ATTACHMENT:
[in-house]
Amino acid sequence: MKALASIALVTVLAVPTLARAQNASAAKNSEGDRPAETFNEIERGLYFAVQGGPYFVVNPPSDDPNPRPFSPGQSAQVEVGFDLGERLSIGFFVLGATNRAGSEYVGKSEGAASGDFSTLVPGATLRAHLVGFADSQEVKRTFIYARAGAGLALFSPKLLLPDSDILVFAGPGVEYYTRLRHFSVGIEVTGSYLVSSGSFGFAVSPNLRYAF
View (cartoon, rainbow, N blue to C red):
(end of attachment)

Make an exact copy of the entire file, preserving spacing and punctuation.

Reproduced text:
[in-house]
Amino acid sequence: MKALASIALVTVLAVPTLARAQNASAAKNSEGDRPAETFNEIERGLYFAVQGGPYFVVNPPSDDPNPRPFSPGQSAQVEVGFDLGERLSIGFFVLGATNRAGSEYVGKSEGAASGDFSTLVPGATLRAHLVGFADSQEVKRTFIYARAGAGLALFSPKLLLPDSDILVFAGPGVEYYTRLRHFSVGIEVTGSYLVSSGSFGFAVSPNLRYAF
View (cartoon, rainbow, N blue to C red):